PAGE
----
In an eight session group interaction, social skills were described, modeled, and role played by the group in dyads (Deffenbacher et al., 1987). Homework was assigned between sessions. Sessions focused on communication and listening skills, constructive and negative feedback, clarifying options in difficult situations, and assertiveness in initiating reasonable requests and declining unreasonable requests.

Problem-Solving Training:

Participants in this study (Moon & Eisler, 1983) were asked, after defining an anger problem and generating numerous possible solutions, to implement and evaluate the one perceived to offer the best possibility of success. This task followed initial discussion of anger as a normal part of life and acknowledging the possibility of effective coping, resisting the urge to act impulsively or do nothing when provoked to anger, and in defining and formulating anger problems.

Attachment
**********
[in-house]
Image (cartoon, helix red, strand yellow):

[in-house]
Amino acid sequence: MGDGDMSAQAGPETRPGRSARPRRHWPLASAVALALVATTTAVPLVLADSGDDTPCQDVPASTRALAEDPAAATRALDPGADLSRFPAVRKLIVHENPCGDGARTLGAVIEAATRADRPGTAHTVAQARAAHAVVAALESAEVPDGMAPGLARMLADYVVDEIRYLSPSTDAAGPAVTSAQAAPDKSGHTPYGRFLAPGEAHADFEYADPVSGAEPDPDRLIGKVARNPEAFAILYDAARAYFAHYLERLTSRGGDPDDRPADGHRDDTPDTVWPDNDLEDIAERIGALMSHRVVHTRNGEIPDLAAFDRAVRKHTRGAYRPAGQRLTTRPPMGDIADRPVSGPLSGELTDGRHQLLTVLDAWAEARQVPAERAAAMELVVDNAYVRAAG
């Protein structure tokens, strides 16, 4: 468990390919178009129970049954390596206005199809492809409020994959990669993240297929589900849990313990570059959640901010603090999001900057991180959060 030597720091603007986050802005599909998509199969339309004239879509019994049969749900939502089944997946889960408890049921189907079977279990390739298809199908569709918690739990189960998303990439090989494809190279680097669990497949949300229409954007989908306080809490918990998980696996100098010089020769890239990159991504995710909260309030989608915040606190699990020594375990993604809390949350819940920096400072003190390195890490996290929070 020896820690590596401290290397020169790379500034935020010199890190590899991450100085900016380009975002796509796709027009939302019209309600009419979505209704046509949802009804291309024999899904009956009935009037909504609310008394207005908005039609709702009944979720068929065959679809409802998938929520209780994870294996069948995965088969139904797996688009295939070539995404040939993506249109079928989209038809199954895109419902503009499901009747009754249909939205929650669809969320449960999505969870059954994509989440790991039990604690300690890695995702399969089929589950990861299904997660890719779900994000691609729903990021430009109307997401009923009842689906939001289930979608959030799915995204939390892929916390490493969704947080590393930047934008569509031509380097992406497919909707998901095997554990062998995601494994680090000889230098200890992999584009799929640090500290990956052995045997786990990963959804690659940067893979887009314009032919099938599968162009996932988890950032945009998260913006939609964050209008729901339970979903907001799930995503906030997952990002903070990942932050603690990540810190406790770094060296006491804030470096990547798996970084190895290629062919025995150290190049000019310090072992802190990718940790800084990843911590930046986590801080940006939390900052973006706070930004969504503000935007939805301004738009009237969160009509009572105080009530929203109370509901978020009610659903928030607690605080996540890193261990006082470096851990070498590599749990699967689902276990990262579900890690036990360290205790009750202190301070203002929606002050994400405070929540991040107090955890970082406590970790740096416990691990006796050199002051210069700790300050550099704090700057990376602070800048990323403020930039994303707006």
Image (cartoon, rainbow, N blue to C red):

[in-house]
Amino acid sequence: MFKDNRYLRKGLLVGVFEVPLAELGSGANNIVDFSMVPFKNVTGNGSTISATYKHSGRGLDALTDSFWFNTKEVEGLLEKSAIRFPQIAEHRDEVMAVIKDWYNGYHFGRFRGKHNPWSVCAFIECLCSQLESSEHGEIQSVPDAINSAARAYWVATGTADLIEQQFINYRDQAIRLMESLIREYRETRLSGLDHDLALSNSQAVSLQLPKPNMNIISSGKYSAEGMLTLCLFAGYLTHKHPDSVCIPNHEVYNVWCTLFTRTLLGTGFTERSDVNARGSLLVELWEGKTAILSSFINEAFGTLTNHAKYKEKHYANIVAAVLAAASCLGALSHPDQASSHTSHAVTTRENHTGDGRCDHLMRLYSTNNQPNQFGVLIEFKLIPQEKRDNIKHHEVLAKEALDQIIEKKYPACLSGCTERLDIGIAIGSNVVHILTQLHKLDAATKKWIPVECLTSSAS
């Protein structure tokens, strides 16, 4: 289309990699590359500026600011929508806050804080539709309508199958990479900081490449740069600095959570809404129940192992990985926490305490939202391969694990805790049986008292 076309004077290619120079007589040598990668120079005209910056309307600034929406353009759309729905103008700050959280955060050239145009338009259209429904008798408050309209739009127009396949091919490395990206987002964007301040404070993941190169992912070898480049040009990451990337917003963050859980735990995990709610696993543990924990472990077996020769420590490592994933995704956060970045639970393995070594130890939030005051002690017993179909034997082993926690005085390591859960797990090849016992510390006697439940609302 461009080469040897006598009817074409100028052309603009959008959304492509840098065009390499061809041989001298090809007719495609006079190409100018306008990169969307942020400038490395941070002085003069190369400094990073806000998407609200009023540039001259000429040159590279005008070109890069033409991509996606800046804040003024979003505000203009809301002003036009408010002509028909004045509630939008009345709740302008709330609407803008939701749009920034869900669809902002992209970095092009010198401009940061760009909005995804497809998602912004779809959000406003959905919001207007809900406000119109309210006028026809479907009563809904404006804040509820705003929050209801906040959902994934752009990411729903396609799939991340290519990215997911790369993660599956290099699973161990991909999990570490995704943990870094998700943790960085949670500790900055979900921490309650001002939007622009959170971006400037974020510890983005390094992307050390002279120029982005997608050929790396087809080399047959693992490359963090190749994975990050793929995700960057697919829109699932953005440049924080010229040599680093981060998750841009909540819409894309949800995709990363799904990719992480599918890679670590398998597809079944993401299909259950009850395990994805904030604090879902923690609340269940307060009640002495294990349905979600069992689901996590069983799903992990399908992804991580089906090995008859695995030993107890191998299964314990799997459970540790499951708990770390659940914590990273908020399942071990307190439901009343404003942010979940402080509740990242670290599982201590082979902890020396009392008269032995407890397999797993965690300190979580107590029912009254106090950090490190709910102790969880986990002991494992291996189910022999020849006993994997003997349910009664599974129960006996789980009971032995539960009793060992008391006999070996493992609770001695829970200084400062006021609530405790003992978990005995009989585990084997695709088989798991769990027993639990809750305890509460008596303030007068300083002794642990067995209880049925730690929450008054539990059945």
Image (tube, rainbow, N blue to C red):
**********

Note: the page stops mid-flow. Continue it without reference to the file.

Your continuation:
Cognitive-Relaxation Coping Skills:

This method involves training in progressive relaxation and relaxation coping skills such as "(a) deepbreathing cued relaxation (relaxation on each exhalation of 3-5 breaths), (b) relaxation without tension (relaxing by focusing on and releasing tension from muscles without tension-release exercises), (c) cue-controlled relaxation (relaxing on the slow repetition of the word "relax"), and (d) relaxation imagery (visualizing personal relaxation images)" (Deffenbacher & Stark, 1992, p. 160). Cognitive restructuring skills taught included the identification and changing of demanding and overgeneralized self-dialogue. Application of skills learned involved "(a) preparing for an angering event, (b) confronting a moderate-anger situation, (c) confronting an angering event that was unresolved or in which the person limited the expression of anger, (d) confronting a high level of anger, and (e) confronting the individual's worst difficulties with anger" (p. 160).